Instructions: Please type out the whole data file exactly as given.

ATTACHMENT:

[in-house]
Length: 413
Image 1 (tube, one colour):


[in-house]
Length: 413
Image 1 (tube, one colour):